Gasoline of low existent gum determined by ASTM Method D 381 can give objectionable induction-system deposits in service. As a result of leaching by liquid gasoline, the deposits that accumulate in ordinary service contain relatively little naphtha-soluble material. In contrast, naphtha-soluble material is a variable and often a large part of the deposits obtained in laboratory tests. The Union Oil induction system deposit (ISD) test, in which the naphtha-soluble gum is extracted and rejected, is described. It is shown to give reproducible results that follow regular trends in gum development not detectable by ASTM Method D 381. ISD gums are found to correlate with engine test results provided a correction is applied for the effect of gasoline volatility, based on the 90 per cent recovered temperature as determined by ASTM Method D 86.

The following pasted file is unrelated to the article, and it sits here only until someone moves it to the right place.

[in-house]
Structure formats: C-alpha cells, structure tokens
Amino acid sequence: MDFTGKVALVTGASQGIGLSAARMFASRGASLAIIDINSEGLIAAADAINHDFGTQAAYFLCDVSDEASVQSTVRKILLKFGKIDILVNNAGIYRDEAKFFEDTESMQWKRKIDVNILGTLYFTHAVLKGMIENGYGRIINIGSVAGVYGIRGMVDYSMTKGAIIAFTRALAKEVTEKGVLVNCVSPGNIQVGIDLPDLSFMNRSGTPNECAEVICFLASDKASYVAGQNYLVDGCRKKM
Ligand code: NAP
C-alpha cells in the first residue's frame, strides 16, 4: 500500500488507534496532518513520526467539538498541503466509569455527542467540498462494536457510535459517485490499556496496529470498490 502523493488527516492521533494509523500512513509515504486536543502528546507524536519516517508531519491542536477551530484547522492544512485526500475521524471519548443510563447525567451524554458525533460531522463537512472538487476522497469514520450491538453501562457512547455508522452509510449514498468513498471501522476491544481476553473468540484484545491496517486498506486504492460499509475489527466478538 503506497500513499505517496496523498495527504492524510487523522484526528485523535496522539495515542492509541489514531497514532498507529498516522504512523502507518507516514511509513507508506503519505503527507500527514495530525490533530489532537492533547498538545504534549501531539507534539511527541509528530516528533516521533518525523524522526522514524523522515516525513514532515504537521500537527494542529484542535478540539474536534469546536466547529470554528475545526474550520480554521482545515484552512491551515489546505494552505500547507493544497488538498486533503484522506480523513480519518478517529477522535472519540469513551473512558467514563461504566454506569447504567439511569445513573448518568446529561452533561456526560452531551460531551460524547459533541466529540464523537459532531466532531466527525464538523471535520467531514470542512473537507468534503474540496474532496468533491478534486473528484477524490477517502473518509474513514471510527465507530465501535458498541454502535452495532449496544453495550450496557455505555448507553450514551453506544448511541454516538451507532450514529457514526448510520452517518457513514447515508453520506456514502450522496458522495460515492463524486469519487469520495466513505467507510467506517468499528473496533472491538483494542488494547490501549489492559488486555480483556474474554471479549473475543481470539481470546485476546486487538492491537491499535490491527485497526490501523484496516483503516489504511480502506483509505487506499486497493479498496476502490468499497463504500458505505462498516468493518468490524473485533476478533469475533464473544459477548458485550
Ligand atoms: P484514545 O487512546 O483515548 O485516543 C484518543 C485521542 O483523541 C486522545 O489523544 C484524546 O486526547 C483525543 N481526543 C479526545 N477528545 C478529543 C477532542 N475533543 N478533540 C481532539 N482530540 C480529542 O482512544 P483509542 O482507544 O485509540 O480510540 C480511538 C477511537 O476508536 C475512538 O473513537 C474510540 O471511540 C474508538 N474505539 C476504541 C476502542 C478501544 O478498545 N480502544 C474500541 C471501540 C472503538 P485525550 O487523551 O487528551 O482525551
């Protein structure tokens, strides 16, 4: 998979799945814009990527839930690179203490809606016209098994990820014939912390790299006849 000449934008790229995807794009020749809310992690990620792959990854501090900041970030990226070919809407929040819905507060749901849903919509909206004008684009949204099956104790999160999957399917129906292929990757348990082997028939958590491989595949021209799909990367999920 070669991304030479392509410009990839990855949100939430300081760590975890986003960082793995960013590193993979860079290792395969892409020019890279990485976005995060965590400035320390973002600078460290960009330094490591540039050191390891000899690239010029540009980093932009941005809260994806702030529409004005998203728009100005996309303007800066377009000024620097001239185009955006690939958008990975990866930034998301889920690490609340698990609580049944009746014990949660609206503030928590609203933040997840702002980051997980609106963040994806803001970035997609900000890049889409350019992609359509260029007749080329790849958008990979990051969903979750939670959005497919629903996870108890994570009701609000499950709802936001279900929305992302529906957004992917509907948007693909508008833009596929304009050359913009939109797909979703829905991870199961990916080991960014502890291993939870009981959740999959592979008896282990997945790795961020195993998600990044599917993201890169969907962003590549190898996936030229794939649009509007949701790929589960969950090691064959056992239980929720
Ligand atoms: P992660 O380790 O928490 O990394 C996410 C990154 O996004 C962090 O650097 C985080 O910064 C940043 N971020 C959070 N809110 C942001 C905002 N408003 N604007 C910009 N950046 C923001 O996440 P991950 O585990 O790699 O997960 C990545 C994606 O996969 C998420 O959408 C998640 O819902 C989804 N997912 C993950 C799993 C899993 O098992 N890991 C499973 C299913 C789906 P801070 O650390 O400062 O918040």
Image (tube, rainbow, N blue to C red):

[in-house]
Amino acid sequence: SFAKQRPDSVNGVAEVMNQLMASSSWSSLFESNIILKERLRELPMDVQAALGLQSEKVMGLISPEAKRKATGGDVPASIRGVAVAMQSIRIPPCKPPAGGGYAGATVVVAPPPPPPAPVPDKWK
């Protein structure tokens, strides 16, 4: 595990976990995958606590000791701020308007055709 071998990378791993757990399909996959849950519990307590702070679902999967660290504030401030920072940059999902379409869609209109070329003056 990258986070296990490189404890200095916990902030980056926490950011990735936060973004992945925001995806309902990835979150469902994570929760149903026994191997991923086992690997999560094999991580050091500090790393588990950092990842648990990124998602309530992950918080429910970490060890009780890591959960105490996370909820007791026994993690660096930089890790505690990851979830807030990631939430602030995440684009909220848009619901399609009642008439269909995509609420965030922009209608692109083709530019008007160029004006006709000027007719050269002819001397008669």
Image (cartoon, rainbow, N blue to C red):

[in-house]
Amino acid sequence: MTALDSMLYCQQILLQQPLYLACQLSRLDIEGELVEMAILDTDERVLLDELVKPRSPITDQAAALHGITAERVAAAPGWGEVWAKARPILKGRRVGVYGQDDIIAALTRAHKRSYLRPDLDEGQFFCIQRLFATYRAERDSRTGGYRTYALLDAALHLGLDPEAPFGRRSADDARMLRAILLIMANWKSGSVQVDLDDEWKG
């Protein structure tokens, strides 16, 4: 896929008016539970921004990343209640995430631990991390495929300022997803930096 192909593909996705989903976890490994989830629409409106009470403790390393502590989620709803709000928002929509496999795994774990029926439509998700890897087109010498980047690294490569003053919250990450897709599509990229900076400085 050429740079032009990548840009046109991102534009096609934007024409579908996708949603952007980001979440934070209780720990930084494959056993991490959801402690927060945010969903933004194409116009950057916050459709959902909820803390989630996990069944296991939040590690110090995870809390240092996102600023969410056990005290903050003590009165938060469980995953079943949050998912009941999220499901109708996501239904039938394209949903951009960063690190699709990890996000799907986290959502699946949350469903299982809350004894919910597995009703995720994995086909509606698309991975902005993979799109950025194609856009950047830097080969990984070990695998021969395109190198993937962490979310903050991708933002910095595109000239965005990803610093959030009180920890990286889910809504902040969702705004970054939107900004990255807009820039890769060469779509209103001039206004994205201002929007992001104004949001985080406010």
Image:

The influence of several variables on gum formation in the ISD test is discussed. Inhibitors may either increase or decrease gum deposits. Oxygen, oxidants (ozone or nitrogen oxides), smog, higher manifold temperature, and longer manifold residence time all increase the ISD gum. Oily additives decrease it. Air-fuel ratio, road dust, or exhaust gas in the air, and several common gasoline additives showed no significant effect.